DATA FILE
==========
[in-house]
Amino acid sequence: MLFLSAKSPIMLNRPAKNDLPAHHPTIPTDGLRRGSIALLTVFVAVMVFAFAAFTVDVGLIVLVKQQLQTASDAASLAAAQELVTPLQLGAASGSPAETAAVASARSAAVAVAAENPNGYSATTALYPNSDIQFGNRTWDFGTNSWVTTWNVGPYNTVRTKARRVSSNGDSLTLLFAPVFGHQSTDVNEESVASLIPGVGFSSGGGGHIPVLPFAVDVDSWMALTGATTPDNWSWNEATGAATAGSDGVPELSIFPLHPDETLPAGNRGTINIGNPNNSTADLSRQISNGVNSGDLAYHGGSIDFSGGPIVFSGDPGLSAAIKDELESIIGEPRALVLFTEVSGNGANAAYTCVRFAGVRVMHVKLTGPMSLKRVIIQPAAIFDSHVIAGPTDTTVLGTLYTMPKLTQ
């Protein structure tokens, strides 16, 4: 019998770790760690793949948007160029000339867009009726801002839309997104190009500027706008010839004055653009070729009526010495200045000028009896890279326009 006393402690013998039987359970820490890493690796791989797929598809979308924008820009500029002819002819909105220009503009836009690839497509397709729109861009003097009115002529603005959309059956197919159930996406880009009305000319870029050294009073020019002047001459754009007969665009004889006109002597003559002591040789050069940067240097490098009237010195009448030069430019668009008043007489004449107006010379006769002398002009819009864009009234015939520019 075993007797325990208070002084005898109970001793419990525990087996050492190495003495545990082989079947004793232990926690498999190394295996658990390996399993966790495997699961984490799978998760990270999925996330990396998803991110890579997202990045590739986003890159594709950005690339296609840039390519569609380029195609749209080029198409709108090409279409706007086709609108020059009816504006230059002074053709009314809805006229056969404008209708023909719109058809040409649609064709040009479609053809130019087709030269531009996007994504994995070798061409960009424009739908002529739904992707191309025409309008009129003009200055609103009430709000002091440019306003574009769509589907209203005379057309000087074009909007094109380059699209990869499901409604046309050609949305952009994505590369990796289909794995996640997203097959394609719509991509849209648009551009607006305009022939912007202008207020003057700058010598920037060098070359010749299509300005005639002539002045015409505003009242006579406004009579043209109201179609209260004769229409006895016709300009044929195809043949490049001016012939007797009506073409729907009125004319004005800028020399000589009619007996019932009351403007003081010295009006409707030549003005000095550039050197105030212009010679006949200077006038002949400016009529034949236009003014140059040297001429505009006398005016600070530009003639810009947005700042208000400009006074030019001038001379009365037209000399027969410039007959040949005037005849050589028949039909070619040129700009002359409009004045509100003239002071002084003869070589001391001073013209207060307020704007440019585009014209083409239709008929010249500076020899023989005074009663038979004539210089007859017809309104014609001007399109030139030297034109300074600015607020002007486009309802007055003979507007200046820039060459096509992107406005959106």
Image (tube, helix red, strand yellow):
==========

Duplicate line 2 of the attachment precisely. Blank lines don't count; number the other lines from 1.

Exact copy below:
Amino acid sequence: MLFLSAKSPIMLNRPAKNDLPAHHPTIPTDGLRRGSIALLTVFVAVMVFAFAAFTVDVGLIVLVKQQLQTASDAASLAAAQELVTPLQLGAASGSPAETAAVASARSAAVAVAAENPNGYSATTALYPNSDIQFGNRTWDFGTNSWVTTWNVGPYNTVRTKARRVSSNGDSLTLLFAPVFGHQSTDVNEESVASLIPGVGFSSGGGGHIPVLPFAVDVDSWMALTGATTPDNWSWNEATGAATAGSDGVPELSIFPLHPDETLPAGNRGTINIGNPNNSTADLSRQISNGVNSGDLAYHGGSIDFSGGPIVFSGDPGLSAAIKDELESIIGEPRALVLFTEVSGNGANAAYTCVRFAGVRVMHVKLTGPMSLKRVIIQPAAIFDSHVIAGPTDTTVLGTLYTMPKLTQ